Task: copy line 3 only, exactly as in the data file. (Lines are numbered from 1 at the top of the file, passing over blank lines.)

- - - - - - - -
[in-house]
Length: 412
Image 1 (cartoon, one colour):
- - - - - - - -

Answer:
Image 1 (cartoon, one colour):